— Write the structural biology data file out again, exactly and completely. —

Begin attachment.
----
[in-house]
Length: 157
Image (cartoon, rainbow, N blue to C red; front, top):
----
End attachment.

[in-house]
Length: 157
Image (cartoon, rainbow, N blue to C red; front, top):